Worst of all, Castiel had given up proper care of Jack’s life so that he could remain a part of the Winchester’s, and in the end neither Winchester seemed keen to tolerate Castiel’s presence any longer, least of all Dean.
Castiel had gambled with Jack’s life so that he could keep Dean in his, and in the end Castiel had lost him too.
The thought throbbed in Castiel’s chest, aching like a heartbeat.
This was what Castiel deserved for being greedy. He had no home now.
A team of volunteers milled around the entrance to the gymnasium. Castiel handed over the flats of water bottles with a smile that felt more like a grimace. He busied himself following the orders of the people around him, unfolding temporary cots and passing out blankets, all the while repeating to himself his past mistakes.
A rough tap hit his shoulder about an hour into this ritual. Dean stood behind him with a frown drawn on his face. Though his gaze, as ever, refused to touch Castiel, its absence still felt like a blow.
“Don’t you have your phone? I’ve been texting you to get out of here.” Dean brushed away Castiel’s apologies, gesturing instead at the gymnasium exit, as if Castiel was unclear on what he was expected to do.
Castiel shut his mouth, bowed his head, and followed Dean through the halls, dodging the thrum of people on their way out the door.
Standing outside the Impala, hand cupping the door handle, Castiel somehow could not force himself to open the passenger door. He couldn’t do this again. Couldn’t make the drive with Dean. Could not force himself to stomach the intolerable tension that was Dean’s every waking breath.
Dean slid his gaze over the Impala’s roof, tapped Castiel with it before sliding back. “You coming or what?”
He had meant it as a rude question, a jab at Castiel’s dawdling, but the thought made Castiel’s fingers tremble on the handle. Another extended drive was suddenly insufferable. He let his hand slip away. “No. I’m not.”
Dean paused his routine of climbing into the driver’s seat. His frown sharpened. “Excuse me?” His elbows thumped down onto the roof, arms braced for what was to come.
Castiel stepped away from the Impala. The slightest distance from Dean gave him more room to breathe. “I’ll find another car. Or I’ll stay here, and you can return to Sam. We don’t need to go together.”
The frown Dean gave deepened, cutting through granite. “What the hell are you talking about?”
“You don’t want me here,” Castiel said, “so I won’t be. I’ll leave you to your peace.”
Impossibly, Dean seemed baffled by the suggestion. His jaw hung open, and his hands tightened upon themselves before unclasping again. He shook his head, staring down at his reflection in the dark paint with unseeing eyes. Then one fist banged, harsh, before Dean was coming for Castiel once again.
Dean rounded the hood quickly, so much so that Castiel had made only a couple steps deeper into the parking lot before Dean had fisted a sleeve of his trench coat and swung him around. Castiel landed with a thump against the side of the vehicle. His anger, previously untapped, now foamed up inside of him.
“What makes you think you can walk away?” Dean growled out, pinning Castiel back. “With all this shit that’s going on, what makes you think we don’t need your help?” His hands were bundled in Castiel’s lapels, forcing them up around Castiel’s neck.
“My duty was to Jack,” Castiel retorted. “Since he’s dead, I’ll go.”
That cut Dean deeper than Castiel expected it would. His brows parted like he’d been sliced between them. “You don’t want to be here anymore?”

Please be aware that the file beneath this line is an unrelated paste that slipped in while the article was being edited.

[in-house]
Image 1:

“You don’t want me to be,” Castiel corrected. He brushed at Dean’s hands, pushing harder when Dean refused to release him without a fight. “I want the hellmouth closed, same as you. But you can find someone else to be your punching bag, because it’s not going to be me.”
That… Dean’s hold weakened, just a little. Just for the duration of the moment dawning upon his face, like he was only just remembering that Castiel was more than his family’s shield. That just because Castiel could take the hits did not mean that he should.
Then Dean’s fists were tightening, and Castiel’s trench coat was tugging, and with a clash Dean brought their mouths together.
It was messy and graceless, entirely devoid of the heat Castiel would have brought to it on any other day. But as it stood, Castiel still found his hands reaching out toward Dean. Still found his instincts were to pull Dean close, not to push him away.
Dean rested his brow against Castiel’s, after, breath coming out humid and shaky. Now that the kiss was over, he didn’t seem clear what to do with his hands. “Don’t you fucking leave me.”
He still wasn’t looking at Castiel, though their proximity perhaps offered up an easy excuse why. Castiel dipped his chin, mashing his mouth somewhere between Dean’s ear and cheek. Stubble rasped against Castiel’s lips, warm and pleasant. “Stop trying to make me.”
Dean squeezed wherever his hands had landed, on hip and shoulder and somehow everywhere in between. His chin fell to rest on Castiel’s rumpled shoulder, a shuddering breath passing through him like an electric current.
Castiel couldn’t stand to see him like this, angry or not. He drew Dean in slowly, wary of the anticipated bite. When it did not come, he closed the gap between them like he always wished he could, draping heavy arms around Dean’s back, holding him close.
“I was gonna kill him,” Dean mumbled, wet against Castiel’s ear.
“But you didn’t,” Castiel replied. Hugging fiercely, he added, “God tried to make you, but you still dropped your hand.”
“Doesn’t matter.” Dean stepped back, eyes suspiciously bright. “I was gonna kill him, but Chuck just did it instead.”
“It matters, Dean.” Castiel touched Dean’s cheek, at the spot where his lips had been just moments before. “It matters.”
Inhaling on a shudder, Dean nodded. His gaze shunted away. Now that the fire had burned low within him, it was clear that Dean was uncomfortable standing so close, exposed as they were in a busy parking lot. Blessedly, instead of leaving, Dean just moved to lean against the Impala next to Castiel.
Clearing his throat, Dean asked, “What are we gonna do about Belphegor?”
Red flashed in Castiel’s vision, overwhelming. “Jack deserves a hunter’s funeral.”
“I know,” Dean said, looking distant. “We’re just sitting kinda short on allies right now.”
“And Sam?” Castiel glanced at Dean from the corner of his eye.
“About that.” Sighing, Dean fished out his cell phone. “Seems Rowena dug deeper into his god-wound, found herself a solution.”
Dean hummed, nodding. “She shot him herself instead.”